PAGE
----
Street animators Blu‘s new video “Big Bang. Big Boom.” The story from the Big Bang to the nuclear armageddon.
Japanese Bug Fights is a website dedicated to invertebrate cock fighting. It’s videos of two bugs fighting to the death. I watched some of them. The video above is Round 15: Japanese Hornet vs Scorpion. I have to say, I felt a bit uneasy watching it. Kind of like watching something off of rotten.com . Although, if i learned anything out of reading the ethics standards for high school science fairs, you can do ANYTHING to a invertebrate, and it’s all good.
Mark, pointed out that “the Japanese love bugs.” He says that Pokémon’s success can can be traced to cultural phenomenon. He pointed to the documentary The Beetle Queen Conquers Tokyo (trailer), which chronicles Japan’s pet bugs. Beetle Queen is on the festival circuit, but there isn’t a Bay Area screening scheduled yet.
I’m Here is a new short by Spike Jonze. I’m a sucker for Spike. I’ve enjoyed his music videos from back in the day, and I’ve loved everyone of his feature length works. His work always has a very chill, and if it’s possible to use it in a nonpejorative sense, a “hipster,” feel to it.
The movie is free, but it’s set up with this lame artificial scarcity of number of viewings per day. I guess to give you that “theatrical experience” at home. That’s just what I want. An online movie being “sold out.”
First there were bootleg concert recordings, now there are bootleg concert videos. This One is on Us is a fan project to crowdsourced concert films from the last Nine Inch Nails tour. I never would have thought this was possible, but with the advent of small highdef video recorders, it was inevitable. I downloaded “The Gift,” and it’s good. It’s as good as any other concert video I’ve seen.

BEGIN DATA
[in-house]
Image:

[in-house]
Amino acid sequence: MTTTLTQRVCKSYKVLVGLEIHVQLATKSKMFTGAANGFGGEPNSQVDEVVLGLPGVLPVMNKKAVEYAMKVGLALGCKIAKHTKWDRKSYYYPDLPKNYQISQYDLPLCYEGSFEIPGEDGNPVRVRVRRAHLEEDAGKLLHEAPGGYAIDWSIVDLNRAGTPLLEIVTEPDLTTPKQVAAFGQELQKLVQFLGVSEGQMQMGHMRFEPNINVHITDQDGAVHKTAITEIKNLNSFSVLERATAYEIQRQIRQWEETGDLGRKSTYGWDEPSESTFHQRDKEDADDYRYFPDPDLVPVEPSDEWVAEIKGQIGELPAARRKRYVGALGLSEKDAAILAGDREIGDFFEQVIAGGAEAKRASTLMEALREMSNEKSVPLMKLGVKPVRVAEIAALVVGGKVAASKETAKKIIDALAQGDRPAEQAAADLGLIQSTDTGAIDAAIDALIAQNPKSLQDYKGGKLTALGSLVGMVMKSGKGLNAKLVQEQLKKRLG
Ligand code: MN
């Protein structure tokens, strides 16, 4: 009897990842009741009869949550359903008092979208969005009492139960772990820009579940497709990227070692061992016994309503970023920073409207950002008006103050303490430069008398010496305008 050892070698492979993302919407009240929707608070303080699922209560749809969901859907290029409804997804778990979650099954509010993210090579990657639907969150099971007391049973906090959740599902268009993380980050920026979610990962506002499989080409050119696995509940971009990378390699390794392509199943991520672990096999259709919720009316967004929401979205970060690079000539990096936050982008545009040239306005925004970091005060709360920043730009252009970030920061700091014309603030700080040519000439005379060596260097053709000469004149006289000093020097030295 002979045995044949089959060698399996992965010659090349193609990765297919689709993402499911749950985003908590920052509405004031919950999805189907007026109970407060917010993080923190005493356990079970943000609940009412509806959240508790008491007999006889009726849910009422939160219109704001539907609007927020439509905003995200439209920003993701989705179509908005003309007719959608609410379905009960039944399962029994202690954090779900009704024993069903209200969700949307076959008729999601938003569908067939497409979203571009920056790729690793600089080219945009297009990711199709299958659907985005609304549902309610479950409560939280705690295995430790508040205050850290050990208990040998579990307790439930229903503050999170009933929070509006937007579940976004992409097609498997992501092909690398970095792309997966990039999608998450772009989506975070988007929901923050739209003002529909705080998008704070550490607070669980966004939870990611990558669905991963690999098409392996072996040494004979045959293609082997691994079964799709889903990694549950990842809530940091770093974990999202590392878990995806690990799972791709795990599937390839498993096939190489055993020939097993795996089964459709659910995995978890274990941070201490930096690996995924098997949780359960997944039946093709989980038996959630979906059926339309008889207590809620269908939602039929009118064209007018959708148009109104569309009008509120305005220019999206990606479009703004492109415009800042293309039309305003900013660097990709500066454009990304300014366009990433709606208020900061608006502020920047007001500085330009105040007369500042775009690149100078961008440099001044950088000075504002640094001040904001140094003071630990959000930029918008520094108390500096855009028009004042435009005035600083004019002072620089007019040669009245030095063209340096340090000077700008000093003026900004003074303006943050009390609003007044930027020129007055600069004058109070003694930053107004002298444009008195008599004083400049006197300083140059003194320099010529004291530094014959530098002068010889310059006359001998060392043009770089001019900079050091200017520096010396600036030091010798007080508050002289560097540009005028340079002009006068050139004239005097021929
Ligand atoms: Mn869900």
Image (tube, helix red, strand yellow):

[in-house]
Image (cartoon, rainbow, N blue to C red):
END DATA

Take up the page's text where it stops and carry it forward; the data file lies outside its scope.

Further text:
And it’s NIN. Yay.
Trailer after the jump.
Fritz Lang’s masterpiece “Metropolis” was screened at the Brandenburg Gate for the most recent Berlin Film Festival. What’s noteworthy about this screening is that it was the first public screening of the most recent, and more complete, restored version.
When “Metropolis,” was originally shown in Berlin in 1927, it had a running time 153 minutes. However, the export version was cut down to 114 minutes. Soon it was cut down further to a mere 90 minutes in order please theater owners, who wanted a higher turn over of customers each day, and because the plot was too “controversial.” (And just think, “Atlas Shrugged” was still 30 years away.)
With all the cuts and differing versions, the original was thought lost. Then in 2001, a restored version was put together using footage collected from the different versions along with intertitle cards for missing scenes. This version clocks in at 124 minutes.
In 2008 a copy of what may be the original cut, was found in Buenos Aires, and a further 25 minutes of additional footage was added to the 2001 reconstruction. Unfortunately, the Argentine copy was heavily degraded, and was a 16mm copy of a damaged 32mm copy, meaning that the additional footage will probably always be noticeable. It was this 2008 version that was shown this year in Berlin.
So what does this mean if you want to watch Metropolis yourself? My recommendation is to wait, and and be careful about what you buy.
I own the unrestored 90 minute version, and it’s completely unwatchable. The images are dark, cropped, and constrained to a flickering circle in the middle of screen. For instance, the scene shown in the above movie poster is limited to about the middle ninth of the still. Don’t pay attention to the running time. The time is stretched because the film is run back at less than 24 fpm, and so all the music is out of sync. This version is a complete waste of money.
Then there’s 2001 124 minute version. This is version that is recognized by UNESCO. It’s available today, but in light of the latest reconstruction, I’d also stay away from it.
Unfortunately, the 2008 reconstruction has yet to be released, but is expected to come out at the end of this year.